One in five Americans considers himself or herself a “bird watcher,” according to a report published by the U.S. Fish and Wildlife Service last summer. Going by the report’s guidelines, in order to qualify as a “bird watcher,” you either had to have taken a trip one mile or more away from home for the primary purpose of watching birds, or you had to have closely observed birds around your house. If you mostly spotted birds passively — while mowing the yard, for example, or while at a zoo — you would not be counted as a “bird watcher.”
Forty-two percent of the 48 million Americans who are bird watchers said that they took trips to view birds. But a whopping 88 percent (or 42 million) claimed to be also- or only-backyard birders. And one of the easiest ways to see the birds in your neighborhood is by providing and stocking feeders.
March is a hungry time.
Some bird experts believe that March is the most important time to provide food for birds. The third month of the year can be the most difficult in a bird’s life. Insect population numbers are still low from the winter, and the few remaining wild berries, seeds, fruits and nuts are too damaged, old, hidden under snow or otherwise undesirable. As birds prepare for the nesting season, sunny and warm days may be followed by ones that are cold and damp, challenging avian survival skills. And the rapid climate change of the last few decades has necessitated longer migration distances for some birds. All of these factors contribute to making a convincing case for helping our feathered friends with food.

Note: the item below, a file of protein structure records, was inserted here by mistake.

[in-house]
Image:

An evolutionary change.
However, there is evidence to support the claim that bird feeders spread disease. Birds can become ill from leftover bits of seeds and hulls that turn moldy, as well as from bird droppings that accumulate on feeder trays. Bird food and waste scattered on the ground below the feeders can attract rodents. The rodents draw the attention of hawks, who find that the birds that hang around feeders are easy prey, too.
The concentration of birds at your feeder also grabs the attention of cats, the most numerous pet in North America. Cats kill hundreds of millions of birds every year. And, ornithologists say, millions more birds are killed annually by flying into house windows, drawn in by the bird feeders set close-by. By feeding birds, we may even be changing their evolution.
Home or away?
Still other reports have stressed that there’s no way to know if disease transmission at feeders is any greater or less than disease transmission in the wild. Birds that do contract and spread diseases at feeders typically are social by nature and would congregate anyway, whether at a feeder or not.
Advocates of bird feeding say taking simple steps can eliminate the hazards of feeders to birds: cleaning feeders regularly will keep disease at bay; providing brush piles or planting trees and shrubs in your yard will give safe harbor from hawks; installing awnings, screens or attaching streamers to glass will prevent window strikes; and keeping cats indoors will cap mortality rates.
I can’t help noticing, though, that when we do travel to see birds, it is usually to the remote places where no human intervenes to feed them, such as to the wild shores of Newfoundland or the pack ice of Antarctica. In such places, hundreds of thousand of birds have lived together for centuries without our handouts.
Should we adopt the same stance at home in our own backyards? If you’re that one in five Americans who qualifies as a “bird watcher,” do you think we should feed the birds?
Feature photo: No human intervenes to feed the birds on the wild shores of Newfoundland. ©John T. Andrews